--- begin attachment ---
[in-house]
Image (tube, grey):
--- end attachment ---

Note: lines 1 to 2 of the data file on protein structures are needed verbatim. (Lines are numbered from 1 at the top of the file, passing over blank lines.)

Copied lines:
[in-house]
Image (tube, grey):